Confirmed: Stress Causes Comfort Eating
We all know that comfort eating, or eating sugary, rich foods solely for the pleasure it brings, can lead to unwanted weight gain. Now, a new study published in the journal Neuroscience Letters has confirmed a direct link between stress levels and the desire to eat for comfort. Amazingly, comfort eating is not just a psychological response to stress; the desire to eat sugary or rich foods is caused by the activation of receptors in the taste buds that are responsible for discerning between sweet and bitter tastes. Dr. Rockwell Parker, a researcher at Monell Chemical Senses Center and part of the team who made this vital connection, relates, “Sweet taste could be particularly affected by stress. Our results may provide a molecular mechanism to help explain why some people eat more sugary foods when they are experiencing intense stress.”
Comfort Eating Explained
Here's how it works. When you're stressed out, certain hormones called glucocorticoids activate tiny receptors in the cells of your taste buds, changing the way you experience certain tastes and basically increasing your desire for sweets. In the study, this was evidenced by the fact that the mice who were more sensitive to rich, sweet food had a denser concentration of glucocorticoids. The mice who were under the most stress possessing over 75 percent more receptors for these hormones than the other mice.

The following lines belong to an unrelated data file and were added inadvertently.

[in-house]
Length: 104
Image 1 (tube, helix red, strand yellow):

Because our perception of taste is so important in relation to which foods we choose to eat, Dr. Parker summarizes, “If this sense (taste) can be directly affected by stress-related hormonal changes, our food interaction will likewise be altered.” These findings aren't limited to the body's taste buds; strangely, other parts of the body, like the gut and pancreas, also have taste receptors. This means that important physiological processes like how our body metabolizes sugar and even our appetite could also be more affected by stress than previously thought.